Scientists to EPA: Include women in reproductive health research

October 16, 2012

A team of Northwestern University scientists will meet with Environmental Protection Agency (EPA) administrators in Washington D.C. Oct. 18 to advocate for important changes in the agency's guidelines for reproductive health research.

"The problem is current research assessing the risk of toxins on reproductive health is not being uniformly investigated in both sexes and across the ," said Kate Timmerman, program director of the Oncofertility Consortium of Northwestern University, who will be one of the scientists meeting with the EPA. The reproductive health guidelines have not been updated since 1996 and need to be revised to reflect new research findings.

The Northwestern team will ask the EPA to expand the definition of reproductive health beyond pregnancy to include the lifespan of an individual.

"Reproductive health is important across the entire lifespan because your affects your , and other systems in the body," Timmerman said. Endocrine disrupters, sometimes triggered by , can lead to increased risk for stroke and heart attack as well as osteoporosis.

The Northwestern scientists also will request that all EPA-sponsored research require appropriate testing in both sexes. Currently many toxicity studies are only conducted in male animal models with the assumption that females are affected the same way, but that isn't necessarily true.

"What happens now is if researchers don't see an effect in males, they won't look in females," Timmerman said. "But we know certain toxins in the environment can have a significant effect on females and not males and vice versa."

Timmerman and colleagues will present a white paper to the EPA on how to improve and update the guidelines. View the white paper at: http://www.woodrufflab.org/sites/default/files/EPAWhitePaper.pdf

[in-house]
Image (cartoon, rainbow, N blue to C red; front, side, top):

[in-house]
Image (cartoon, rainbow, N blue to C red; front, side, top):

In addition to Timmerman, other Northwestern scientists meeting with the EPA include Kimberly Gray, professor of civil and environmental engineering at Northwestern's McCormick School of Engineering and Applied Science; Mary Ellen Pavone, M.D., assistant professor of obstetrics and gynecology at Northwestern's Feinberg School of Medicine and a physician at Northwestern Memorial Hospital; and Francesca Duncan, reproductive scientist/research associate in the lab of Teresa Woodruff, chief of fertility preservation at the Feinberg School and director of the Oncofertility Consortium.

Explore further: Scientists around the world peer into Chicago microscope at same time

Related Stories

Scientists around the world peer into Chicago microscope at same time

May 3, 2012
A scientist in Austria or elsewhere in the world can now peer into a Chicago collaborator’s microscope in real time while an experiment is being conducted at Northwestern University Feinberg School of Medicine.

Life beyond cancer: Starting a family following treatment

October 24, 2011
Five years ago, Sheri Scott was beginning a new chapter in her life. The recently engaged 31-year-old was eagerly browsing bridal magazines and busy planning for her big day. Unfortunately, just weeks following her engagement, ...

Recommended for you

Amber-tinted glasses may provide relief for insomnia

December 15, 2017
How do you unwind before bedtime? If your answer involves Facebook and Netflix, you are actively reducing your chance of a good night's sleep. And you are not alone: 90 percent of Americans use light-emitting electronic devices, ...

Warning labels can help reduce soda consumption and obesity, new study suggests

December 15, 2017
Labels that warn people about the risks of drinking soda and other sugar-sweetened beverages can lower obesity and overweight prevalence, suggests a new Johns Hopkins Bloomberg School of Public Health study.

Office work can be a pain in the neck

December 15, 2017
Neck pain is a common condition among office workers, but regular workplace exercises can prevent and reduce it, a University of Queensland study has found.

Regular takeaways linked to kids' heart disease and diabetes risk factors

December 14, 2017
Kids who regularly eat take-away meals may be boosting their risk factors for heart disease and diabetes, suggests research published online in the Archives of Disease in Childhood.

Simulation model finds Cure Violence program and targeted policing curb urban violence

December 14, 2017
When communities and police work together to deter urban violence, they can achieve better outcomes with fewer resources than when each works in isolation, a simulation model created by researchers at the UC Davis Violence ...

Your pets can't put your aging on 'paws'

December 14, 2017
(HealthDay)—In a finding that's sure to ruffle some fur and feathers, scientists report that having a pet doesn't fend off age-related declines in physical or mental health.

0 comments

Please sign in to add a comment. Registration is free, and takes less than a minute. Read more

Click here to reset your password.
Sign in to get notified via email when new comments are made.